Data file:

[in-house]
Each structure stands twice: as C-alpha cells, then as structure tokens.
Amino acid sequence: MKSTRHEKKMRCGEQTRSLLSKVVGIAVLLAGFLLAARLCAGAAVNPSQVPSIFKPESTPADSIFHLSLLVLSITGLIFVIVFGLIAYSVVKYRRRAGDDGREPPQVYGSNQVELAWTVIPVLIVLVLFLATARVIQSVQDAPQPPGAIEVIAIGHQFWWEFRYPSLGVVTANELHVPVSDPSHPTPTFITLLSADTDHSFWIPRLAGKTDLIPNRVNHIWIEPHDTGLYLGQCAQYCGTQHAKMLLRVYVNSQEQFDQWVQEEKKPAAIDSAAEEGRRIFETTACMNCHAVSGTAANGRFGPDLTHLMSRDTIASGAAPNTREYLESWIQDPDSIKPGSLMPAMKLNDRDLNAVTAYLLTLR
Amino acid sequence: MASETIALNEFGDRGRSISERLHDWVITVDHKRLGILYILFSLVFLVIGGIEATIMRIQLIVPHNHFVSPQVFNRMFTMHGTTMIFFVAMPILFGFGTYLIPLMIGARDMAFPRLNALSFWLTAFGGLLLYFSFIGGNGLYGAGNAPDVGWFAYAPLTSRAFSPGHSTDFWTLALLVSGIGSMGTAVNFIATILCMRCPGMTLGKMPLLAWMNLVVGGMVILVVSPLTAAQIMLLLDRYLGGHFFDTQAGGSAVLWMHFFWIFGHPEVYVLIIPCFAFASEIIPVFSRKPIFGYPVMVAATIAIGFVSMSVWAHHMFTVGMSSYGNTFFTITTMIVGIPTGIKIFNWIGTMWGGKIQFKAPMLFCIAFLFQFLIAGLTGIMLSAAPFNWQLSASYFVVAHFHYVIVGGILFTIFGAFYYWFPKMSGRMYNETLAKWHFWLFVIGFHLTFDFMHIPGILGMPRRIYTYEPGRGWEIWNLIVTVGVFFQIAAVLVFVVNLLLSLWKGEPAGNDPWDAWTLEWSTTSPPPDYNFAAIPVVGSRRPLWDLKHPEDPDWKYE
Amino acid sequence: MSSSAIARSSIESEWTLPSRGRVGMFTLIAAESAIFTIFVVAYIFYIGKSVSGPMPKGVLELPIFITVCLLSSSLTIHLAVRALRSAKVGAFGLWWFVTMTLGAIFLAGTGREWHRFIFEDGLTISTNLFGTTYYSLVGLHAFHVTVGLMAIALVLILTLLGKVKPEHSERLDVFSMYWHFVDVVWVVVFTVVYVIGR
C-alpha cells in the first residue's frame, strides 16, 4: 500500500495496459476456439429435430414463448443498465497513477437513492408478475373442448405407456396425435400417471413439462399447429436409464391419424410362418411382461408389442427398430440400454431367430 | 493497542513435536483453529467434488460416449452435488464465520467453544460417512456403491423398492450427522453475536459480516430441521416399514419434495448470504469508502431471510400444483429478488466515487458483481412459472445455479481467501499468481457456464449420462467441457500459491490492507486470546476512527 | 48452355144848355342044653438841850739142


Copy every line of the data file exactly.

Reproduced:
[in-house]
Each structure stands twice: as C-alpha cells, then as structure tokens.
Amino acid sequence: MKSTRHEKKMRCGEQTRSLLSKVVGIAVLLAGFLLAARLCAGAAVNPSQVPSIFKPESTPADSIFHLSLLVLSITGLIFVIVFGLIAYSVVKYRRRAGDDGREPPQVYGSNQVELAWTVIPVLIVLVLFLATARVIQSVQDAPQPPGAIEVIAIGHQFWWEFRYPSLGVVTANELHVPVSDPSHPTPTFITLLSADTDHSFWIPRLAGKTDLIPNRVNHIWIEPHDTGLYLGQCAQYCGTQHAKMLLRVYVNSQEQFDQWVQEEKKPAAIDSAAEEGRRIFETTACMNCHAVSGTAANGRFGPDLTHLMSRDTIASGAAPNTREYLESWIQDPDSIKPGSLMPAMKLNDRDLNAVTAYLLTLR
Amino acid sequence: MASETIALNEFGDRGRSISERLHDWVITVDHKRLGILYILFSLVFLVIGGIEATIMRIQLIVPHNHFVSPQVFNRMFTMHGTTMIFFVAMPILFGFGTYLIPLMIGARDMAFPRLNALSFWLTAFGGLLLYFSFIGGNGLYGAGNAPDVGWFAYAPLTSRAFSPGHSTDFWTLALLVSGIGSMGTAVNFIATILCMRCPGMTLGKMPLLAWMNLVVGGMVILVVSPLTAAQIMLLLDRYLGGHFFDTQAGGSAVLWMHFFWIFGHPEVYVLIIPCFAFASEIIPVFSRKPIFGYPVMVAATIAIGFVSMSVWAHHMFTVGMSSYGNTFFTITTMIVGIPTGIKIFNWIGTMWGGKIQFKAPMLFCIAFLFQFLIAGLTGIMLSAAPFNWQLSASYFVVAHFHYVIVGGILFTIFGAFYYWFPKMSGRMYNETLAKWHFWLFVIGFHLTFDFMHIPGILGMPRRIYTYEPGRGWEIWNLIVTVGVFFQIAAVLVFVVNLLLSLWKGEPAGNDPWDAWTLEWSTTSPPPDYNFAAIPVVGSRRPLWDLKHPEDPDWKYE
Amino acid sequence: MSSSAIARSSIESEWTLPSRGRVGMFTLIAAESAIFTIFVVAYIFYIGKSVSGPMPKGVLELPIFITVCLLSSSLTIHLAVRALRSAKVGAFGLWWFVTMTLGAIFLAGTGREWHRFIFEDGLTISTNLFGTTYYSLVGLHAFHVTVGLMAIALVLILTLLGKVKPEHSERLDVFSMYWHFVDVVWVVVFTVVYVIGR
C-alpha cells in the first residue's frame, strides 16, 4: 500500500495496459476456439429435430414463448443498465497513477437513492408478475373442448405407456396425435400417471413439462399447429436409464391419424410362418411382461408389442427398430440400454431367430 | 493497542513435536483453529467434488460416449452435488464465520467453544460417512456403491423398492450427522453475536459480516430441521416399514419434495448470504469508502431471510400444483429478488466515487458483481412459472445455479481467501499468481457456464449420462467441457500459491490492507486470546476512527 | 48452355144848355342044653438841850739142